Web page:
Tuesday, August 31, 2010

Get lost?

Don't forget this ditty from the Dec 3, 1926 New York Times:

Verse Affords Means to Get About Queens
--
E. P. Butler's Rhyming System Guides All Folks When Street Plans Twist 'Em.


I want to get this framed in needlepoint. I don't why; I just do.
In Queens, to find locations best
Avenues, roads and drives run west;
But ways to north or south ’tis plain
Are street or place or even lane.
While even numbers you meet
Upon the west and south of street.

Monday, August 30, 2010

Jersey Farm Stand in Astoria

On that least rural and worst of streets to bike down, there's a Jersey farm stand in Astoria!

He's there Saturday and Monday. It's on 21st Street, west side, between 30th Road and 30th Drive (next block from the post office).

 
Good stuff. Good produce. Give him business.

Why I should leave the house more

Of all the places for heaven on earth, people rarely think of Queens.

I was just about to get to work when a friend called and said to meet him in the park for a picnic. So off we went to meet him and his son. My friend, a Steinway-Street restaurant owner, is a well traveled man. And his favorite place in the world? Astoria.

"It is heaven," he said. "Where else do you find the whole world in a few blocks? And everybody getting along."

He may have a point.

We got left-wing art:

 


 


Right-wing art:

 


And then in the park, a man approached looking suspiciously like Buzz Lightyear on a bike.
 




Turns out the man was carrying a plane. A small plane, but one that indeed flies. A model plane? Well, yes, but cooler. FPV-flying, I learned, means first-person-view flying. There's a camera on front and he puts on goggles and flies from the plane's perspective.

There's also a second camera to record. He was trying out a new hi-def camera. Hopefully there will be a video of it soon.

 


"Like a predator drone?" I asked.

"No," he said, "Because they can fly on their own. Without me, this crashes."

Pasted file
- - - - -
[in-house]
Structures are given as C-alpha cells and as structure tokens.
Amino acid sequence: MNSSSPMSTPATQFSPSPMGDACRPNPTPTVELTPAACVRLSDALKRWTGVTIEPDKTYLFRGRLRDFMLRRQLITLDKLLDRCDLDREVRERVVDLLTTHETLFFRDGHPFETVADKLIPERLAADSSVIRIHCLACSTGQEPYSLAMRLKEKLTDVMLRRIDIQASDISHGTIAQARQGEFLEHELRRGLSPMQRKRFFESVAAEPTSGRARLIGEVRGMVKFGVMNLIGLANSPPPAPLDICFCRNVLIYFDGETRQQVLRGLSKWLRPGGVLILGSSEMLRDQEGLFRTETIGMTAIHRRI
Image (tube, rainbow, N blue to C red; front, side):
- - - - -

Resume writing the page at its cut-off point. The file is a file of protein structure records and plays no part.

Contact! (For take off, there are no wheels)


I'll be damned if it didn't fly around Roosevelt Island, buzz a tug boat, and make a soft and successful landing (especially when you consider there are no wheels).

Then on the way home we passed a Jersey farm stand on the most un-rural of streets (21st Street) and bought some peaches, corn, and tomatoes. (see next post)

And this was just today. Last week we even our very own alligator on the loose just two short blocks from my home.



I really should leave the house more.

I probably would if it weren't for the loose gators!

Tuesday, August 24, 2010

Stop with the honking

I hate honking cars. Probably more than most people. I mean, have you thrown eggs at honking cars? And that's only after getting pissed off, putting on pants, leaving my house, and talking to the offending driver. And they still honk?! Usually, when the eggs flew, they were honking at the garbage trucks. That's a long time to be honking! (I haven't chucked an egg ever since I moved to a quieter block).

I've thought about solutions: what if you only gave drivers three honks per ride? Or fixed horns so you have to be moving? But all these could endanger safety at some point. And they involve complicated electronic tinkering.

I was just going through a Transportation Alternatives email discussion and came across this brilliant idea (I'd be happy to give credit, but don't want to without permission):